Gold Country, Sonora

1943: Sonora, Tuolumne County, California ~
Emerging into view from the crown of Highway 49 and a mile from end to end, the town of Sonora is tucked into the foothills and ravines of the Sierra Nevada—the gateway to California’s gold mining region.

During World War II, most of the men not fighting for our country had left for wartime jobs in the bigger cities. My father was exempt from the draft, being almost forty and with four children, so he was one of the few men still in town. Throughout the war years Sonora shifted into idle. Most of the stores were vacant, and because of gas rationing there were no tourists.

Sonora Main St Calif

When the ice companies closed, due to the advent of electric refrigerators, my father got a job managing a Sprouse Reitz. Given the choice of running a store in Sonoma (a sleepy hamlet forty-some miles north of San Francisco) or in the town of Sonora, he chose the latter, hoping there would be more business opportunity.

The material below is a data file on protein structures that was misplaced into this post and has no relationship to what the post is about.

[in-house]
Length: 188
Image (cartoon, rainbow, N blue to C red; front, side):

When our family moved there in 1943, Sonora had no stoplights, one taxi, two theaters, a three-lane bowling alley, four newspapers, five cemeteries, a six-block-long main street, seven churches, and eight taverns. Cigar stores, barbershops, ice cream parlors, and clothing shops lined both sides of Washington Street, the hub of this small town. The dry hot summers went on for years, a silver quarter was a lot of money, and people did what was expected. Sonora had passed its rough and tumble heyday, settling into a cocoon of open windows and unlocked doors.Sonora house

Our family lived at 104 Green Street in the old Lepape house now owned by the Segerstrom family, who also owned the historic Sonora Inn and Kelley’s Central Motors and Garage. It was an old white, two-story residence in the center of town that rented for $35 a month, and it’s where I would be born five years hence.

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